Recent studies in the uses of Natalizumab and Peginterferon Beta-1a to Treat Relapsing-Remitting Multiple Sclerosis

Published Online:October 03, 2013
At a satellite symposium during the European Committee for Treatment and Research in Multiple Sclerosis (ECTRIMS) conference, presenters focused upon the usage of disease-modifying treatments (DMT) in relapsing-remitting multiple sclerosis (RRMS). The presentation echoed the efficacy of using DMT to delay disease progression and to improve quality-of-life in patients with RRMS. More specifically, discussion focused upon newer therapies, natalizumab and peginterferon beta-1a, and traced their respective efficacies.

Presenting at the symposium were Hans-Peter Hartung, MD, PhD, chair of neurology at Heinrich-Heine-University, Düsseldorf, Germany; Gavin Giovannoni, PhD, chair of neurology, Blizard Institute of Cell and Molecular Science, Barts and The London School of Medicine and Dentistry; and Peter Calabresi, professor of neurology, director, Division of Neuroimmunology, Director, the Johns Hopkins Multiple Sclerosis Center.

Dr Giovannoni advocated for the use of natalizumab in the treatment of RRMS. Giovannoni revealed the overall benefit of the therapy in a post-hoc analysis illustrating years of disease-free activity in patients with RRMS, concluding with a staggering 37% natalizumab versus 7% placebo at the 2-year mark. Giovannoni went on to demonstrate that natalizumab can stabilize EDSS scores, especially when used earlier in the disease course, and that it can bring improvements in fatigue, cognition, bladder function, and quality-of-life.

Natalizumab’s most serious adverse event, according to Giovannoni, is the risk of progressive multifocal leukoencephalopathy (PML). While the risk of PML is minimal (1 in 10,000) in anti-JCV antibody-negative patients, there is a considerable risk of PML in anti-JCV antibody-positive patients (≤1 in 1000). Giovannoni pointed out, however, that some patients with high PML risk did not want to switch therapies, evidence that the DMT is truly beneficial in terms of quality-of-life. Current practice recommends that the usage of natalizumab for more than 2 years be considered on a case-by-case basis.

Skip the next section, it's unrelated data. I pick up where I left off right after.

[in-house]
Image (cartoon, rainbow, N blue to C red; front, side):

Prof Calabresi then discussed another DMT, peginterferon beta-1a, and the recent phase-3 ADVANCE study that traced its efficacy. According to Calabresi, peginterferon beta-1a continues the benefits of other interferons including producing meaningful results in multiple measures of MS disease activity, and being well-tolerated with a known side effect profile. To demonstrate the efficacy of the therapy, Calabresi pointed to favorable results in the primary endpoint and secondary end points of the ADVANCE study.

With its focus on annualized relapse rate, ADVANCE’s primary end point showed that in year 1 of an annualized relapse rate, the use of peginterferon beta-1a (every 2 to 4 weeks) greatly reduced this rate. When compared to placebo (n = 500) 0.397, peginterferon beta-1a q4w (n = 500) brought a 28% reduction (0.288), and peginterferon beta-1a q2w (n = 512) brought a 36% reduction (0.256).

In a secondary end point looking at time to disability progression, peginterferon beta-1a showed significant reduction in the risk of disability progression. Results illustrated a 38% reduction against placebo when the DMT was administered every 2 or 4 weeks. Other observed benefits of peginterferon beta-1a included significant reduction in the number of new or newly enlarged T2 lesions and GD+ lesions (when administered every 2 weeks), low rates of neutralizing antibody formation regardless of dosing regimen.

While peginterferon beta-1a has not yet been approved, Calabresi hopes to see it included in the line of efficacious IFN beta therapies in relapsing MS.